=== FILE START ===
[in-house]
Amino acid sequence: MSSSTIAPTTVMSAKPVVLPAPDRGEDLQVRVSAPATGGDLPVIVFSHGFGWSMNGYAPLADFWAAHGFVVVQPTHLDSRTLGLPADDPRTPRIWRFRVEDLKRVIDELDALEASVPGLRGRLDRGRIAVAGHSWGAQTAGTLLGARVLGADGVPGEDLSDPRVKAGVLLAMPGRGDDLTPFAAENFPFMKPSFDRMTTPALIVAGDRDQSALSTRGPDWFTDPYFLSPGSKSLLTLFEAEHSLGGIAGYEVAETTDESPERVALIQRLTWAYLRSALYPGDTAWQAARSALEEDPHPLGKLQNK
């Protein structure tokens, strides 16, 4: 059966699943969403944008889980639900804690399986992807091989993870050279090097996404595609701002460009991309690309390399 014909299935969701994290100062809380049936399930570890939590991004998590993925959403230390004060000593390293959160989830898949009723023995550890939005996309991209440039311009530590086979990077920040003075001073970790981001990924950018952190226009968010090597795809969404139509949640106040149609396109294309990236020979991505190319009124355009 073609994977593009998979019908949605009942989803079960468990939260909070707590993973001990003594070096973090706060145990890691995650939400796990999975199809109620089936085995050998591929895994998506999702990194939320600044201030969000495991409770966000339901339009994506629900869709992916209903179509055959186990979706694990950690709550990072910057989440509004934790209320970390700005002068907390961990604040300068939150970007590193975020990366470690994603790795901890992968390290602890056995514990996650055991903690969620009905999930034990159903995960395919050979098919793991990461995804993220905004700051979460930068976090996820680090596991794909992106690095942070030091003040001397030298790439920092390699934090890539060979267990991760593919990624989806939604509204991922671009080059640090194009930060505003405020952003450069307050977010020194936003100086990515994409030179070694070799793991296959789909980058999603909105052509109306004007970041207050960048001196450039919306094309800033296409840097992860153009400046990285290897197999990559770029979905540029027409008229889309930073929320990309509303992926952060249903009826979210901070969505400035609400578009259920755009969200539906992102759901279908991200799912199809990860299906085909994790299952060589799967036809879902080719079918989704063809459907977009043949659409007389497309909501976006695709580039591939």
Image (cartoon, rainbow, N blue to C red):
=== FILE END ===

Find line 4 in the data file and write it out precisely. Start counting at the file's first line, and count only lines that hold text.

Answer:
Image (cartoon, rainbow, N blue to C red):